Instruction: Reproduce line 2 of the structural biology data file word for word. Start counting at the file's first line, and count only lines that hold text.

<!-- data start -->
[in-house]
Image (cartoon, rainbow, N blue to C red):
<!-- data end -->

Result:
Image (cartoon, rainbow, N blue to C red):